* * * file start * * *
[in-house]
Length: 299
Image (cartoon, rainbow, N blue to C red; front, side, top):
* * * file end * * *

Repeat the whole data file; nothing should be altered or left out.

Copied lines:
[in-house]
Length: 299
Image (cartoon, rainbow, N blue to C red; front, side, top):